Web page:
The Ukraine war has inflamed fervent debates about what to do with USSR-era monuments. Some former Soviet states have decided to dismantle some monuments, but in Germany it's complicated.
Tanks, statues, monuments to Red Army soldiers: The Soviet era is omnipresent in the Baltic states and other former communist countries.
Though lawmakers in the Baltic countries have largely decided to remove those monuments, which commemorate Soviet soldiers fighting Nazi Germany during World War II.
However, not all inhabitants agree, particularly not the Russian-speaking minority.
Estonia: 'A tank is a murder weapon, not a memorial'
It is time for the museum: On Tuesday, the authorities removed a contentious monument of a Soviet tank outside the city of Narva, which lies on the border between Estonia and Russia and is largely inhabited by ethnic Russians. The removal of the monument has been particularly controversial, and the authorities had initially spoken out against its being relocated. The argument was that the local population considered it as part of the city's identity.
The monument was moved to the Estonian War Museum, some 200 kilometers north of the capital Tallinn. Six more Soviet-era monuments were also removed.
The government in Tallinn had given the green light for the removal of Soviet monuments from public spaces in the Baltic EU and NATO country. Estonian Prime Minister Kaja Kallas explained that "A tank is a murder weapon, it is not a memorial, and those same tanks are killing people on the streets of Ukraine right now." A total of about 400 monuments are to be dismantled.
Latvia: Divided opinion
Many Latvians feel that the Soviet Victory Memorial in the capital Riga is no longer tolerable, but for large parts of the country's Russian-speaking population it still bears a great significance.
Earlier this year, Latvian lawmakers approved a law ordering the dismantling of all monuments and other objects, some of which are seen as glorifying the Soviet regime, by November 15. Some 69 objects fall into this category.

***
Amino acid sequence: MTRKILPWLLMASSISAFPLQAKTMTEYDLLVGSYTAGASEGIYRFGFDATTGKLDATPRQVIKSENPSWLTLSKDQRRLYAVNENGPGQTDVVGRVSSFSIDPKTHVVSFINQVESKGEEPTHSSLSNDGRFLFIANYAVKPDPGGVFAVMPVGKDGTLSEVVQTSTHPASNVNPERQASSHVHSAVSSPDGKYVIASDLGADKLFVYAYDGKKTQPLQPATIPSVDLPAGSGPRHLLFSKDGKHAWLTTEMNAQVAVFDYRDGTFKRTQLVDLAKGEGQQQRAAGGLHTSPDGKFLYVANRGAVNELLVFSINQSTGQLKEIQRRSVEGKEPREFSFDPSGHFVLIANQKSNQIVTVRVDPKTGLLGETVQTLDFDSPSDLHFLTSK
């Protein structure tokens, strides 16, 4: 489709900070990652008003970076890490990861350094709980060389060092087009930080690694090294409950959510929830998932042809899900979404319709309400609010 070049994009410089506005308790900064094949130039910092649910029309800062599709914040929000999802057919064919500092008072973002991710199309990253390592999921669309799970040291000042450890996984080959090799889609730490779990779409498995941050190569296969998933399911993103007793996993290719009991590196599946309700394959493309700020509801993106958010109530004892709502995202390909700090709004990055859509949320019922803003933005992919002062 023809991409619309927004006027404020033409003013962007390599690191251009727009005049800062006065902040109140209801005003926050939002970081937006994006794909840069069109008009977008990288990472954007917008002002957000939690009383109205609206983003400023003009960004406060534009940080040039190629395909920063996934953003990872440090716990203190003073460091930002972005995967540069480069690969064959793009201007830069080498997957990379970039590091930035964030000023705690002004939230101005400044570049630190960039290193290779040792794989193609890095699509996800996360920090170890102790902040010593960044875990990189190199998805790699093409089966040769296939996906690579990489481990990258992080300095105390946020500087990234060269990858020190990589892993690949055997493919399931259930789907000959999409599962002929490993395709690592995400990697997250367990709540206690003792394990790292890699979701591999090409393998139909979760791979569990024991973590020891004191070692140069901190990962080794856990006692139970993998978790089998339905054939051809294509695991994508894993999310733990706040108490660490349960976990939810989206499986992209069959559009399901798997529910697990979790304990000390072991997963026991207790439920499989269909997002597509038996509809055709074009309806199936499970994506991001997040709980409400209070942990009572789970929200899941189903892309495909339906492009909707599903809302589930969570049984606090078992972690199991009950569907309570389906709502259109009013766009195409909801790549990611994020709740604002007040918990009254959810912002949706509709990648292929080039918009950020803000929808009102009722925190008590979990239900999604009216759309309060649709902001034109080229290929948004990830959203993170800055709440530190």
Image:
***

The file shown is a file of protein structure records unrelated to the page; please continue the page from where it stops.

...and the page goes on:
The Victory Memorial was built in 1985 to mark the 40th anniversary of the Soviet victory over Nazi Germany and received the official name of "Monument to the liberators of Soviet Latvia and Riga from the German fascist invaders."
Lithuania: Names of fallen soldiers will remain
In Lithuania, there has also been a heated debate around the country's Soviet-era monuments. In July, the dismantling of a monument erected to commemorate the victory of the Soviet army began. What will remain are the parts, on which are engraved the names of fallen Soviet soldiers.
Originally, experts from the local authority had proposed simply removing elements such as the sword or the five-pointed star.
Finland: Tarred and feathered
The debate about the monuments from Moscow is also in full swing in Finland's capital Helsinki. At the beginning of August, the "World Peace" monument was removed and put into storage by the Helsinki Art Museum. It was a gift from the Soviet Union in 1989 and was first unveiled to the public in 1990.
The sculpture is one of many copies but the only one outside of the former Soviet Union. Its erection was controversial from the start, with students tarring and feathering it in 1991. Then in 2010, there was a failed attempt to blow it up.
Germany: Obligation to honor monuments
Soviet-era monuments in eastern Germany have also been the subject of lively debate. Some have been vandalized, others have been wrapped in flags. In March of this year, CDU lawmaker Stefanie Bung called for guns and tanks to be removed from one memorial in Berlin, but the city senate rejected her request.
In Dresden the same month, the FDP politician Stefan Scharf wrote on Twitter that the Soviet memorial in his city could not stay. "Not because of 1945, but because of 1953, 1968 and 2022," he said. The 1st Guards Tank Army of the USSR, which was stationed in Dresden until 1993, was involved in the crackdown on the East German 1953 Uprising, as well as on the Prague Spring of 1968.
But this call fell on deaf ears: According to the Two Plus Four Treaty concluded in 1990 between the Federal Republic of Germany (FRG), the GDR (East Germany) and the four main victor nations of World War II, Germany has an obligation to respect and maintain Soviet monuments on its territory.
In Stralsund in eastern Germany, a different approach was sought. The bronze relief of a Soviet monument that had been removed as part of a restauration process in February was recently restored. It was said that the Russian attack on Ukraine had nothing to do with the restoration.